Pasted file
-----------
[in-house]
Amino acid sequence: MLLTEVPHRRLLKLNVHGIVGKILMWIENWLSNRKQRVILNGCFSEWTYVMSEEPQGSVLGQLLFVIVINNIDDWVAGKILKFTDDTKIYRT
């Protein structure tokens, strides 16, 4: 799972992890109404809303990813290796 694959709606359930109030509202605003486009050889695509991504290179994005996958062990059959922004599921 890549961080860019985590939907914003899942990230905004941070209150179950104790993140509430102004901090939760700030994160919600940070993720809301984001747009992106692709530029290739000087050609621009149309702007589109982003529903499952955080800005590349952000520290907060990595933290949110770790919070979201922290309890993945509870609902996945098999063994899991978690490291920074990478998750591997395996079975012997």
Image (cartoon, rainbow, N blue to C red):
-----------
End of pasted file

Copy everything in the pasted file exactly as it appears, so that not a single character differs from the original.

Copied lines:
[in-house]
Amino acid sequence: MLLTEVPHRRLLKLNVHGIVGKILMWIENWLSNRKQRVILNGCFSEWTYVMSEEPQGSVLGQLLFVIVINNIDDWVAGKILKFTDDTKIYRT
């Protein structure tokens, strides 16, 4: 799972992890109404809303990813290796 694959709606359930109030509202605003486009050889695509991504290179994005996958062990059959922004599921 890549961080860019985590939907914003899942990230905004941070209150179950104790993140509430102004901090939760700030994160919600940070993720809301984001747009992106692709530029290739000087050609621009149309702007589109982003529903499952955080800005590349952000520290907060990595933290949110770790919070979201922290309890993945509870609902996945098999063994899991978690490291920074990478998750591997395996079975012997």
Image (cartoon, rainbow, N blue to C red):